Racism, saviourism, discrimination and neo-colonial approaches to aid remain prevalent in the international development sector. The international aid system was born out of colonialism and expanded alongside decolonisation. The sector must be frank and honest in its appraisal of its problematic links to these projects if it is to truly address their legacies. Drawing attention to these issues is key to the future of development and humanitarian cooperation, and transforming aid as a concept, philosophy and practice. Shirking them will continue to undermine aid effectiveness and further denigrate trust and faith in aid as a whole in the eyes of the communities the sector professes to serve, and diaspora communities around the world.

 

What are the practical implications of racism in the aid sector?

The practical implications of racism in the aid sector are varied, deep-rooted and difficult to adequately summarise in just a few paragraphs. Racist undertones have often characterised the resistance to efforts to expand the localisation of aid programming. Often decisions around aid spending are made in European or North American headquarters that are detached from intended recipients geographically, politically, and culturally, which can lead to programmes being less effective. Justifications for this model of aid governance have often hinted that southern NGOs are more likely to mismanage financial resources or that they are vulnerable to security threats. The latter point is typified by the FCDO’s recent decision to make it a ‘reserved department’ meaning the FCDO will not hire any new staff that are foreign nationals, citing security concerns as justification[1]. DFID was previously an ‘unreserved department’ meaning foreign nationals could be employed in the department which operated in many country offices around the world.

This dynamic is mirrored across the aid sector where organisations often send staff from the UK, other parts of Europe and North America to head up country offices or to lead projects in low income countries. Often these people are perceived as experts in a field but are not necessarily experts in the application of their field to specific local contexts. For example, the factors that constitute a successful education system in the DRC would not necessarily be suited to Pakistan. These deployments suggest that local knowledge is viewed as secondary, despite local actors often possessing more expertise, and relevant experience. This results in the knowledge and experiences of local actors being undervalued and underused. Ultimately, this trend and the FCDO’s ‘reserved’ status disenfranchises local communities, perpetuates problematic north-south power dynamics, suggests that some people are inherently less trustworthy or knowledgeable due to their nationality alone, and reduces the impact of aid by side-lining local expertise.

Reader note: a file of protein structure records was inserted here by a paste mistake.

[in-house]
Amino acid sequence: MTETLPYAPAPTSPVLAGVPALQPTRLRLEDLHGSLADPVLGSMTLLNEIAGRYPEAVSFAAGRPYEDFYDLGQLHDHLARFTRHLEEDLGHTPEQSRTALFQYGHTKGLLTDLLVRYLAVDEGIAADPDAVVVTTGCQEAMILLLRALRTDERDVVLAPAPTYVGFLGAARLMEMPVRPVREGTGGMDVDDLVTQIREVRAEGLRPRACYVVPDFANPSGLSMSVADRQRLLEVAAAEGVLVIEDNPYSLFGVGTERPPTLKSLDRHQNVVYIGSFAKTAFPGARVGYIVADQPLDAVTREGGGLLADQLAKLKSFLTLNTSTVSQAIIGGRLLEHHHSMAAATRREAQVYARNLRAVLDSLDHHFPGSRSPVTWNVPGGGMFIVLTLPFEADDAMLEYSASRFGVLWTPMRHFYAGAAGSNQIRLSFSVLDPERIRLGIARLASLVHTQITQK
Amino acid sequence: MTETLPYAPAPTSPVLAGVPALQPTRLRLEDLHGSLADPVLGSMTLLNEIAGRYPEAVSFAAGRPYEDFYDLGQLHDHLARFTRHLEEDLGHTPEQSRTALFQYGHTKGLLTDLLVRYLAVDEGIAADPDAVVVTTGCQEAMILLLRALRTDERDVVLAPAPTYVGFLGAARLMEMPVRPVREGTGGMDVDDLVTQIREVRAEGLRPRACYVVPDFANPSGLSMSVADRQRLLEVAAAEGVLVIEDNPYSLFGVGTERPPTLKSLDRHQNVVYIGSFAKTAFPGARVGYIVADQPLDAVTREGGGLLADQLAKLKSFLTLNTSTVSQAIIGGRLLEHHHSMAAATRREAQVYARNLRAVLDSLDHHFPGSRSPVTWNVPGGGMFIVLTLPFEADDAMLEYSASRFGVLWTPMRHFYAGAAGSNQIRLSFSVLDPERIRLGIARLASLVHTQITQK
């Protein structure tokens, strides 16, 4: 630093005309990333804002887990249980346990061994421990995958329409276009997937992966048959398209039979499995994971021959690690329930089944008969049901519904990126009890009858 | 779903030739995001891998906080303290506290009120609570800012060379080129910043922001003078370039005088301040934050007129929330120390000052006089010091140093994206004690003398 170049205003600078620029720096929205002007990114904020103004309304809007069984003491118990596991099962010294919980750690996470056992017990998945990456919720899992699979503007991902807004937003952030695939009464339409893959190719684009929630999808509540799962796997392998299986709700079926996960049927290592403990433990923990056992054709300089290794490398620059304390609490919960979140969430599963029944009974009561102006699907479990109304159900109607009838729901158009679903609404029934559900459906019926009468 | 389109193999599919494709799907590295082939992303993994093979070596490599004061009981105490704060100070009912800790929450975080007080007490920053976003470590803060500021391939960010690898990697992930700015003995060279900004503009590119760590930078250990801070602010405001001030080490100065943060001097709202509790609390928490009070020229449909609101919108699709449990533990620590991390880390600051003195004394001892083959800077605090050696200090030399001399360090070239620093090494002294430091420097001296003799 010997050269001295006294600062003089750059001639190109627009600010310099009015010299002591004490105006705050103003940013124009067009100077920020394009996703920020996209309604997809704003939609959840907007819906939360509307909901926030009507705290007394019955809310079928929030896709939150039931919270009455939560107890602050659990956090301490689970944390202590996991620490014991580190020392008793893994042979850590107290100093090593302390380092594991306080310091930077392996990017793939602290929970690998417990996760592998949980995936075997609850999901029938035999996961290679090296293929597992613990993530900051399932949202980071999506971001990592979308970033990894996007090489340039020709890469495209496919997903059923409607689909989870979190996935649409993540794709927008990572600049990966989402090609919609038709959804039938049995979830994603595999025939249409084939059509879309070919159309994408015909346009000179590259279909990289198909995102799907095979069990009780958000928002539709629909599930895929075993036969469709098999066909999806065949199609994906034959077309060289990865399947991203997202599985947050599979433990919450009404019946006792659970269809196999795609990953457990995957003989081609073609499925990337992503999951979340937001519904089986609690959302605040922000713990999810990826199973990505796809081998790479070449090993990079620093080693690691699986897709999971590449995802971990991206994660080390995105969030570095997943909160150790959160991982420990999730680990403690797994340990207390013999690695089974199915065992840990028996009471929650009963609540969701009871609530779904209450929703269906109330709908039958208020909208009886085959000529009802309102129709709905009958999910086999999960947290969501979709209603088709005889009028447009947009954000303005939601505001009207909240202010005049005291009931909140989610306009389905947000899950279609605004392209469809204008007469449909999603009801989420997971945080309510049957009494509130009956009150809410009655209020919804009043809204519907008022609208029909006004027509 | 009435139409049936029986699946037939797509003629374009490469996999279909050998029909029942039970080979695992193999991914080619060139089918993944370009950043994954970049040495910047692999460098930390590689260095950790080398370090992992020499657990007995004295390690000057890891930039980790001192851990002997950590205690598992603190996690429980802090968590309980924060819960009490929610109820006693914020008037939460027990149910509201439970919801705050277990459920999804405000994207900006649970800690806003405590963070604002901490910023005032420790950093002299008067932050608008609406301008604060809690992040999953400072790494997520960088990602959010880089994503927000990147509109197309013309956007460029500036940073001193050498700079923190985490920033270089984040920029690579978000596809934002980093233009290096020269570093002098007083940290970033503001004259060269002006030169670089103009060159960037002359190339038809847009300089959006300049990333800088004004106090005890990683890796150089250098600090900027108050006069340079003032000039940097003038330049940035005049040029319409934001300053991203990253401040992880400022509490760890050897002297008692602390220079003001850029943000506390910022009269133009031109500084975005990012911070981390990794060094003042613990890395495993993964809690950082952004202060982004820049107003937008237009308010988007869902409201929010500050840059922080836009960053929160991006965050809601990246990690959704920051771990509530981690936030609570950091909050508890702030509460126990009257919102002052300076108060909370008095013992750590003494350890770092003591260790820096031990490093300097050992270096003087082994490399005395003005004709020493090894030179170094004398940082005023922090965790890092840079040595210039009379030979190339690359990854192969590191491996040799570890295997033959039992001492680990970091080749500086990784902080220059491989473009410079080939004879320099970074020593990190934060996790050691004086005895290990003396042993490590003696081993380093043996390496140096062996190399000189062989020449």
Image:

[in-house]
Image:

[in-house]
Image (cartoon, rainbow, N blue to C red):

It is also important to recognise that as international aid actors, we collectively play a role in influencing the public's view of other countries and people. The aid sector has at times perpetuated racist and stereotypical views through the imagery and language used in communications and fundraising efforts. The same applies to politicians and newspapers in the way they have often spoken about aid and depicted recipient countries in public. These portrayals are damaging for a number of reasons. Not only are they patronising and insulting to the communities referred to, but they also contribute to perpetuating global power imbalances by reinforcing a world view and narrative that some people are less valuable than others, and that some communities are inherently or deserving poor. Challenging racist stereotyping by ending these depictions must take priority over short term fundraising targets or the production of communications materials, political point scoring, or selling newspapers. There is enough guidance and research on best practice in this regard that there really is no excuse for aid actors and other stakeholders to continue falling into these traps.

Another obvious and important example of the practical implications of racism in the aid sector is the effect it has on people of colour, both those working in the sector and those affected by aid projects. When people of colour experience covert or overt racism, and conscious and unconscious bias in their interactions with people in the aid sector, this can exacerbate or resurface previous trauma, cause significant damage to mental health and wellbeing, and reinforce a sense of ‘othering’. This racism can materialise in a variety of ways, including micro-aggressions, overtly racist comments, whistle-blowers’ complaints being inadequately addressed, unequal access to promotions and senior positions, cultural exclusion, stereotyping, white fragility, and white saviourism. It is the responsibility of those in the sector who hold power and are fortunate enough not to experience these issues to take action to increase diversity, inclusion and transparency, call-out other organisations in the sector, and be accountable for the steps they are taking to dismantle structural racism.